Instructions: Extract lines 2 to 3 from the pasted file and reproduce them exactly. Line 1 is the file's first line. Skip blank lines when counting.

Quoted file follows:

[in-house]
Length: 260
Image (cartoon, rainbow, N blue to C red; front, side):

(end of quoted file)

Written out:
Length: 260
Image (cartoon, rainbow, N blue to C red; front, side):